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ATC identifies cause of July 19 transformer explosion; part failure called 'very rare event'
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ATC identifies cause of July 19 transformer explosion; part failure called 'very rare event'

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Firefighters battle blaze and explosion Downtown

The Madison Fire Department battles a fire July 19 after a transformer exploded at a Madison Gas & Electric substation at 722 E. Main St. Some 13,000 homes and businesses lost power Downtown and on the Isthmus. American Transmission Co. announced Wednesday it had identified the part that had failed, causing the explosion.

American Transmission Company has identified the part that caused a transformer to explode last summer in a Madison substation.

In a news release Wednesday, ATC said a voltage regulator — known as a “load tap changer” — within the 138-kilovolt transformer failed and ignited combustible gases at about 7:40 a.m. on July 19, rocking the Downtown area and leaving thousands of customers without power on the hottest day of the year.

After an annual sample of gases taken from the transformer in June showed changes, ATC ordered a follow-up test in July, consulted an industry expert and made additional inspections on July 15, 16 and 17, said spokeswoman Anne Spaltholz. ATC had planned to shut down the transformer for a more detailed inspection on July 22.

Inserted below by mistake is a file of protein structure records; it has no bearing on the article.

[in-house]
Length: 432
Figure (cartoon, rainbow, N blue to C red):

Spaltholz said the part had been in service for about 35 years and had a life expectancy of 50 to 60 years. She said ATC is conducting internal reviews and consulting industry peers to determine if any work practices should be changed.

“This is an extremely rare event,” Spaltholz said. “We’ll continue to take a look at anything surrounding this event to see if there’s anything we can do differently.”

Working with a consultant from the nonprofit Electric Power Research Institute, ATC engineers disassembled the damaged 130-ton transformer after it was removed from the Blount Street substation on Sept. 4.

A spokesman for the Wisconsin Public Service Commission, which regulates utilities, said the commission “will review the results and the events surrounding the outage to see if there is a need for further involvement.”

Spaltholz said a replacement transformer has been moved into the substation and is expected to be in service by mid-October.

Contractors for ATC are continuing cleanup efforts including treatment of 180,000 gallons of water and firefighting foam as well as an investigation into the extent of groundwater contamination from chemicals in the foam.

The explosion triggered a smaller fire at a substation near the UW-Madison campus which is connected by an underground power line.

There were no injuries reported in either fire.

Spaltholz commended Madison Gas & Electric for restoring power later that day.

“The bottom line — we were extremely fortunate that no one was hurt,” Spaltholz said. “Certainly it was an inconvenience for customers to be without power on an uncomfortable day.”

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